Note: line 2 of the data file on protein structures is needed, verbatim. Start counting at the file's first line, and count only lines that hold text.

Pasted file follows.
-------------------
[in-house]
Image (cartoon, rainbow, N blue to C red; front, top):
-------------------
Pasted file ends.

Image (cartoon, rainbow, N blue to C red; front, top):